Held to coincide with the International Day of Persons with Disabilities, this event from Áiseanna Tacaíochta (ÁT) will examine the evolution and lived experience of Independent Living and Direct Payments for people with disabilities in Ireland, and the ways in which society can come together in solidarity to promote equality and active citizenship for all.
The event is set to be a day of great insight and opportunity, forging new ways to securing true inclusion and equality for everyone.  On top of exploring the lived experience of disability in Ireland, Realising Equality through Active Participation will highlight the huge differences that these approaches - such as ÁT's model of Direct Payments - can make to that experience.  Leaders of this model, along with their family members, community networks and supporters, will discuss why they chose to adopt Direct Payments and support this model, the new possibilities it opens, and the reasons why it is important to them.
Sara Burke, journalist and policy analyst, will act as our chair for the day, and Madeline Clarke (Genio), Pat Clarke (Disability Federation of Ireland), Michael Doyle (Irish Wheelchair Association), Mark Blake-Knox (Cheshire Ireland), Owen Collumb and Martin Naughton (founding members of ÁT) will stand among our exciting range of speakers, with many more to be announced in the coming weeks.
ÁT is challenging society to move towards a more fair, equal and inclusive future for all.  Everything we do is underpinned by the values of human rights and Independent Living, and your attendance at this event will represent another step forward to making this the reality for all.
This event is open to everyone, and is free to attend.  If you have any dietary or accessibility requirements - such as sign language interpretation or access to hearing loop systems - please get in touch with us at, and we will do everything we can to accommodate them.  Without any obligation, we would gratefully accept donations of €10 from anyone able to give it on the day.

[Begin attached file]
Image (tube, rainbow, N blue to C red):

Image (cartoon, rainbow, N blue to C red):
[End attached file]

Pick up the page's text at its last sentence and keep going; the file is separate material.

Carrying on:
Click here to register.

Brittany Maynard and the Right to Die with Dignity

The BrittanyFund.Org
Brittany Maynard died as she planned on Nov. 1. Her death brings new life to those campaigning in favor of the right to die with dignity.

Maynard, age 29, and in the prime of her life, assessed her future after receiving the diagnosis of stage 4 glioblastoma. She knew that radiation or chemotherapy might buy her some time, but that time was at a cost. There was no guarantee the treatment would help her. It was likely to make her sick and worsen her quality of life. Maynard decided against treatment, as she wanted to make the most of the time she had left.

Maynard researched glioblastoma and how it would affect her as the disease progressed. She knew she would suffer and may not get adequate pain relief. She chose to take control of her body and decide when her life would end. Thankfully, she could do so in a legal way.

People against the right to die criticize Maynard’s choice to end her life. They argue that legalization of assisted suicide endangers the elderly, disabled and people with chronic illnesses. They assert that families and insurance companies will use assisted suicide to get rid of patients for their own financial gain. They argue that a legal right to die will evolve and eventually all unhappy people will be able to end their lives.

These arguments are without merit. Properly drafted laws and regulations will
You Tube (Compassion Choices)
minimize the potential abuse of the right to die with dignity. No one opposed to the right to die with dignity offers objective evidence of widespread abuse of this right where it is legal.

Diane Coleman of Not Dead Yet offers palliative sedation as the legal alternative to the right to die with dignity. In an article for CNN, Coleman states, "advancements in palliative care have eliminated pain as an issue for patients who receive appropriate care." She described palliative sedation as a legal solution that "does not raise the very serious difficulties that legalizing assisted suicide poses.”